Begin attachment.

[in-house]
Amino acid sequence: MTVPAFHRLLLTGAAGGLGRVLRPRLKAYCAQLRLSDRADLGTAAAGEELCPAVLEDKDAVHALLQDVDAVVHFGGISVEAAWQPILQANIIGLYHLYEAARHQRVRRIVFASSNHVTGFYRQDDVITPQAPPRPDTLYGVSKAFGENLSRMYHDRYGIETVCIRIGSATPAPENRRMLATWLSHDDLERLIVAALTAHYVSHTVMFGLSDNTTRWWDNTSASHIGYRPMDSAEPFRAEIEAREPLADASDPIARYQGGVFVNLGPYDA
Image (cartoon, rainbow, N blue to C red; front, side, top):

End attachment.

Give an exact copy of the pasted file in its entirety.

[in-house]
Amino acid sequence: MTVPAFHRLLLTGAAGGLGRVLRPRLKAYCAQLRLSDRADLGTAAAGEELCPAVLEDKDAVHALLQDVDAVVHFGGISVEAAWQPILQANIIGLYHLYEAARHQRVRRIVFASSNHVTGFYRQDDVITPQAPPRPDTLYGVSKAFGENLSRMYHDRYGIETVCIRIGSATPAPENRRMLATWLSHDDLERLIVAALTAHYVSHTVMFGLSDNTTRWWDNTSASHIGYRPMDSAEPFRAEIEAREPLADASDPIARYQGGVFVNLGPYDA
Image (cartoon, rainbow, N blue to C red; front, side, top):